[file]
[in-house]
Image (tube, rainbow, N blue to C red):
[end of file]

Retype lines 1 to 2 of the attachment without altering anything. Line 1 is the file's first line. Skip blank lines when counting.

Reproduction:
[in-house]
Image (tube, rainbow, N blue to C red):